Looked at within the framework of its time period, it’s clear that Rock ‘n Roll Nightmare was made with the specific purpose of refuting all these accusations the genre faced. Just look at our heavy metal protagonists: We have a married couple who’s trying to balance their new married life with his job in the band. We have a pair of band-mates who obviously have a thing for each other, but thus far have been too shy to do anything about it. One gets the impression that the manager specifically became a manger because he’s always been a fan and wanted to be involved in the action despite his personal lack of musical talent. Yeah, Stig and Lou Anne are assholes; but they’re the exact kind of asshole you’re going to encounter no matter what social circle you’re a part of. Lack of acting talent gets in the way somewhat, but this is still the impression the movie gets across to us. I know it’s boring compared to the popular fantasies involving drug-fueled orgies with groupies, but it’s probably a lot more realistic. Finally, we are given a front man who’s enthusiasm, despite his limited acting talent, requires no suspension of disbelief whatsoever, for the very simple reason that it’s not acting. Add to this the fact that Satan himself is the villain behind the horrors (that’s not a spoiler), and that the climactic final battle pits him against a heavy metal front man, and you get a clear idea of the argument this movie was trying to make.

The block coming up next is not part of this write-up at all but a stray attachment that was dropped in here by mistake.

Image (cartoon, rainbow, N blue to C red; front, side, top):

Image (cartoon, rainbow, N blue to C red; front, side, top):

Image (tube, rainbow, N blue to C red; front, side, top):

So in conclusion, Rock n’ Roll Nightmare is a pretty terrible movie in nearly all particulars, and definitely not for everyone. However, there are some us who really like terrible movies; I wouldn’t have been inspired to write this blog if that wasn’t the case. Finally, Thor’s genuine and clearly visible enthusiasm for the project and that innovatively batshit twist and climax at the end raise this movie from being merely forgettably terrible into something memorably terrible; and even, for some of us, well worth watching.